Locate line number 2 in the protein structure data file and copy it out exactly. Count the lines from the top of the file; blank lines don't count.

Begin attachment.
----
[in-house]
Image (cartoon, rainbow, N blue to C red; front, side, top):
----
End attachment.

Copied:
Image (cartoon, rainbow, N blue to C red; front, side, top):